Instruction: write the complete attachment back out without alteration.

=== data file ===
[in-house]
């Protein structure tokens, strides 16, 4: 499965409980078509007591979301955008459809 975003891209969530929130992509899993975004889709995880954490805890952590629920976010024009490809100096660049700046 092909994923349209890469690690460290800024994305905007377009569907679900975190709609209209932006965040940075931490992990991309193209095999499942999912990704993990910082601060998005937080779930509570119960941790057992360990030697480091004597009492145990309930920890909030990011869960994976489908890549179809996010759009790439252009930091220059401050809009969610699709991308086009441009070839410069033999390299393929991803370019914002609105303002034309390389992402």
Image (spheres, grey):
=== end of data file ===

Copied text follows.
[in-house]
């Protein structure tokens, strides 16, 4: 499965409980078509007591979301955008459809 975003891209969530929130992509899993975004889709995880954490805890952590629920976010024009490809100096660049700046 092909994923349209890469690690460290800024994305905007377009569907679900975190709609209209932006965040940075931490992990991309193209095999499942999912990704993990910082601060998005937080779930509570119960941790057992360990030697480091004597009492145990309930920890909030990011869960994976489908890549179809996010759009790439252009930091220059401050809009969610699709991308086009441009070839410069033999390299393929991803370019914002609105303002034309390389992402």
Image (spheres, grey):